Pretty simple, really. Four bricks in a square with a hole in the middle. Notice that the ‘long way’ bricks are in the opposite direction of those below them and those in the next chimney square up. That lets them overlap each other in a ‘bond’ and makes the whole structure more stable.
You can also see that I’ve put the ‘wood shelf’ brick back into the more normal sideways position.
You can tell this is the ‘rebuilt’ as now it has a pile of ashes to the right side just outside the lower air intake… Also note that the damper brick on that air intake is in the ‘1/2 covered on edge’ position. That is the position it was in for the ‘down the chimney glowing coals’ picture up top.
And, for completion, here is the stove with some sticks being fed into the ‘wood feed’ port.
I have a US Quarter sitting on one of the brick for scale. Also note that the ‘wood damper’ 1/2 brick is set aside and the lower air feed damper brick is on end pushed toward the back of the stove out of the way.
After the whole thing cools off, I will likely add a picture with the small tiles holding up the grill 1/2 inch or so. that seemed to work very well, so will likely be the ‘final’ design. Just two small tiles on top of each other at each corner of the chimeny square.
One feature of building the stove on the big concrete cement paver was that I could turn the whole thing. A decent wind ran down the side of the house that points right at the front of the stove and into the wood feed port. When gusting, this would ‘puff’ some ashes and smoke out the lower air port (that is supposed to be air in, not out…). Having “ram air” into the wood feed port is not desired. Well, though it was a bit heavy, I was able to just turn the whole thing on the slab while it was operating” and fix that. Playing with the 1/2 brick air damper helped a little bit. But clearly this stove is best built with the wood feed port NOT facing the expected wind direction.
Of 12 ounces of water put into the 2 quart pot I was using, about 4 ounces evaporate before I got a good boil going. Using a large shallow thin pot with no lid and no wind screen and no pot skirt in a nice breeze is “sub optimal”. Using a lid would have gotten me and coffee together much faster.
Trying to use an air controlled small burn chamber with air on only one side and cold bricks on three (and below) and that air through a controlled air channel is NOT the ideal way to get charcoal briquettes started. Using old damp ones that have sat out for a few rainy days and had 2 nice sunny days to dry out is also “not ideal”… This stove is not a good ‘charcoal lighter’. Use an external can / chimney for that. Once lit, it has good control of air flow for metering charcoal use and will produce low to medium heats. For high heat it works best with no charcoal pile clogging up the air intake and wood feed into the wood feed port.
I’m going to try making lunch over it, in ‘stick mode’, and testing the stability temperature of a pot of water in ‘charcoal mode’ with two damper settings to see what the performance values are. In “stick mode” you need to keep feeding in the sticks, so leave it and it dies down fast. Probably a feature…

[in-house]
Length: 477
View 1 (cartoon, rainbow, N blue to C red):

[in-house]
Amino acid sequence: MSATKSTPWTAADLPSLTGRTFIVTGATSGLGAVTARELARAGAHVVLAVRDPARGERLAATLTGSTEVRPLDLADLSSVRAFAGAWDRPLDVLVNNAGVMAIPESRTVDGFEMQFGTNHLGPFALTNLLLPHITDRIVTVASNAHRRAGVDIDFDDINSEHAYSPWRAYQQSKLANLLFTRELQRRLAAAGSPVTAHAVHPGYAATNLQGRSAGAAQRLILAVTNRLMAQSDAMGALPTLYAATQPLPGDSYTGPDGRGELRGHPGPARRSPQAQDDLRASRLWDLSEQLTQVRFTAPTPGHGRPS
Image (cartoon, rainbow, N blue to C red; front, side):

For a family, it is likely too small to cook a lot of food fast. I’m pondering another brick arrangement that would increase the burn chamber size and double the ‘over charcoal’ area. Perhaps with a 1/2 height chimney for better grilling effect. We’ll see if that is needed or desirable. As it stands now, it’s fine for one or two people, as long as you don’t want all three courses hot together… (Grilled meat, fried potatoes, boiled green beans…)
As an ’emergency stove’ it would be fine.
Build the stove out of the wind, or with the non-air channel sides facing away from dominant wind positions. If the wind shifts, use the damper bricks to prevent ‘ram air’ down the ports…
The bricks stay hot for a while, so if taking it apart after running, remember that the cold end you grabbed to take it apart is next to a hot side that was the chimney or burn chamber in use. I took the chimney down one layer while in operation, carefully picking up bricks by the ‘cold end’. On putting it back together I started to pick one up and discovered the ‘hot edge end’ was still hot. Not enough to burn, but enough to remind… In an emergency situation, using one of these for late dinner and hot beverages would yield many warm bricks for keeping a lean-to / improvised shelter a bit warmer into the night…
So, in summary, it does work as expected. It is ‘right sized’ for one or two folks, more taking turns. The stove can be modulate to simmer / low fairly easily. Start charcoal outside of it. Be ready to feed small sticks fairly steadily. Dry sticks work better, but even the ‘left out in the yard’ during the rain last week sticks I used were “OK”. (They did snap when bent). Use a pot with a lid, and making a pot skirt / windscreen is likely very valuable. Stoves and wind don’t get along all that well together… any stove and any wind.
Next step? After further performance testing / characterization of this one, I’ll be looking at ways to keep the features in this one, but ‘upsize it’ a little. Maybe a taller wood feed port or a larger air feed. More chimney area for more grilling area. Testing the performance as a grill and seeing if it really wants less chimney separation between meet and coals. (It looks like it to me). Working out a pot skirt / wind screen of some kind. Finalizing the tiles under the grill for decent height / air flow.
I’d not toss out my Weber for it, and I’d not give up my Coleman Gas Stove either. For camping, I’ve got a few ultra lite alcohol and ‘tab’ stoves that I’d rather use. For ‘car camping’, even the Sterno Stove beats it and just about anything beats it for portability. Yet the idea that I can take a dozen or two of the bricks I use for walkways and garden square dividers and make a stove ‘post quake’, quickly and easily, with not tools or pre or other materials, and that it will efficiently burn ‘found fuels’ from my yard (as it just did). Well, that’s kind of nice. That I can make a pot of chile and leave it on ‘warm’ perhaps for hours, untended, that’s ‘special’ in an emergency “I have things to do” situation.
For 3rd World folks the more ‘constructed’ stoves are likely better. They can be made a bit bigger, and cleaning out ashes will not happen as often. Larger wood feed ports would also be helpful. Feeding a family would need something bigger than this. Yet, were I cooking with a ‘3 stone open fire’, having one of these to let the beans simmer untended or even just keeping a pot of water hot for tea, coffee, whatever. That would be a nice feature. That I could build it in ‘no time’ and be at least a little better off, even if only while building my “Rocket Kitchen”, well, a week or two of “better than before” while on the way to “Much better” is still a good thing.
This video shows making such a “Kitchen”, and in passing a kiln for making the parts. Much better, but much more work too.